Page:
Wouldn't it be awesome to have ongoing access to fresh, tasty, and nutritious microgreens at home? You absolutely can, even if you're new to growing your own food. It's surprisingly easy. Ready to learn how to grow microgreens indoors? With a bit of know-how and minimal effort, you'll be producing all the fresh microgreens you can eat in no time at all. Explore this beginner's guide to growing microgreens, and you'll be enjoying tasty tiny greens in no time at all!
How to Easily Grow Microgreens Indoors
Looking for the easiest path to grow microgreens indoors? When you grow them in trays with potting mix or soil, you'll be able to produce a good quantity of food quickly, without having to buy specialized supplies. Keep in mind that microgreens grow best when the temperature stays between 65 and 75°F (18-24°C). They'll do great if your home stays within in this range and you follow the steps below.
1. Decide What Types of Microgreens to Grow
The easiest way to get started growing your own microgreens is to purchase a microgreen seed mix. You can find these at just about any garden center or online seed retailer. However, you do not have to purchase a microgreen mix. You can grow microgreens from ordinary seeds for most types of leafy greens, as well as legumes, many herbs, most types of cereal grains, and more. If you don't want to use a mix, you can purchase seeds separately. Popular microgreens to grow include:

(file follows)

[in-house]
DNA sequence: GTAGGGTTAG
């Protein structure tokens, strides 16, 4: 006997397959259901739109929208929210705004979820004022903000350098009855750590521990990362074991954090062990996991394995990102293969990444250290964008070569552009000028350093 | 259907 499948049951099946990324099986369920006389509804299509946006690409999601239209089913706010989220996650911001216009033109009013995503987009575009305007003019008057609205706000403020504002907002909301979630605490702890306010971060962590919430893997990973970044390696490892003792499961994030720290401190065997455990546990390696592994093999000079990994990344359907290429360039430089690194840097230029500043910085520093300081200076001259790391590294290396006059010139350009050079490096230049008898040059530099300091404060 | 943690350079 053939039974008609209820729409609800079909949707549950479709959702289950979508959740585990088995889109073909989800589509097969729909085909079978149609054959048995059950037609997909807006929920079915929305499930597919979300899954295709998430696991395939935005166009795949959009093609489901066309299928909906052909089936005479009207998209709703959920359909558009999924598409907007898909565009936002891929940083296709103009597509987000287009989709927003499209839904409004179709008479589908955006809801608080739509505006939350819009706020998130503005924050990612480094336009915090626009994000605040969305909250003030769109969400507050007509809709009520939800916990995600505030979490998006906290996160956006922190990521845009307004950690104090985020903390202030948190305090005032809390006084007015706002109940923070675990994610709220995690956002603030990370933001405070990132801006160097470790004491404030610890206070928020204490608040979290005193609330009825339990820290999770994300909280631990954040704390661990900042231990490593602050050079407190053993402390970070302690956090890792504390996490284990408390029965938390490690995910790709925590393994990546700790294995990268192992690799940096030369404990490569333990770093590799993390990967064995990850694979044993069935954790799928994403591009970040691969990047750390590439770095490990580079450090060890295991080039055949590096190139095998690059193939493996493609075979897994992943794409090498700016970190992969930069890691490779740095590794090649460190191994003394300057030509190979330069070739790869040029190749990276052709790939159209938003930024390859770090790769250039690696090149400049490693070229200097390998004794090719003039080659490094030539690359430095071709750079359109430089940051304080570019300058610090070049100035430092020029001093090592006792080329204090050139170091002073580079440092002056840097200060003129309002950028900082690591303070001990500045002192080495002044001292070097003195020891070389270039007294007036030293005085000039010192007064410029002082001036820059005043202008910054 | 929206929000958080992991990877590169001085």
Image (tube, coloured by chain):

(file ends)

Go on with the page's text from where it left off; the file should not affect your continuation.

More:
2. Choose Your Growing Container
You can grow microgreens in any kind of well-draining container that is between one and two inches deep. You can purchase microgreen growing trays, which is a good idea if you have space for one (they're typically around 10" X 20") and plan to grow a lot of microgreens. You can also use the plastic trays that some supermarket meat or produce comes in. Just wash them well and poke holes in the bottom of them to allow water to drain.
3. Choose Your Growing Medium
When growing anything indoors, it's better to use a potting mix made for indoor growing rather than bringing in soil from outdoors. Soil from your yard could have creepie crawlies in it that you don't want to bring into your home. Because microgreens grow for only a short period before being harvested, they'll be able to get the nutrition they need from seed starting mix or potting soil.
4. Fill Containers With Soil